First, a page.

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Turkey’s Triumphant Opposition

With the Turkish opposition’s stunning electoral upset on Sunday, President Recep Tayyip Erdoğan and his ruling Justice and Development Party are finally reaping the consequences of ill-considered macroeconomic policies. But the real winner of these critical local elections may be Turkish democracy.

ISTANBUL – To the surprise of many observers, Turkey’s opposition won big in Sunday’s local elections, a result that is certain to reshape the country’s domestic political dynamics. The center-left Republican People’s Party (CHP) captured 37.8% of the national vote, dealing a blow to President Recep Tayyip Erdoğan and his ruling Justice and Development Party (AKP), which received 35.5%. More importantly, CHP mayors will now govern 35 of Turkey’s 81 provinces – including its ten largest metropolitan areas – with a total population of 53 million. By contrast, the AKP won only 24 provinces, representing 19.5 million people.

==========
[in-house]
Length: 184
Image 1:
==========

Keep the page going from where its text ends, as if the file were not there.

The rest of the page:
Turkey’s ongoing economic malaise was a key factor in the CHP’s stunning result. Erdoğan and the AKP are finally experiencing the political consequences of ill-considered macroeconomic policies that fueled inflation and pummeled the lira, eroding the purchasing power of the majority of Turks. This has been most visible in Turkey’s metropolitan areas, where workers are more exposed to the business cycle. Anger over the deep economic slump drove down turnout among AKP voters.

Equally important for the future of Turkish democracy is the emergence of Ekrem İmamoğlu, the CHP mayor of Istanbul, as the natural leader of Turkey’s political opposition. He was handily re-elected with 51% of the vote, beating Murat Kurum, the AKP candidate, by a margin of 12 percentage points. This is all the more impressive given that Kurum’s campaign benefited from Erdoğan’s personal involvement, skewed media coverage, and other government advantages.